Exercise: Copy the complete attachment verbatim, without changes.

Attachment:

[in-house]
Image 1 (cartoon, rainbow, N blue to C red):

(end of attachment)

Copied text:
[in-house]
Image 1 (cartoon, rainbow, N blue to C red):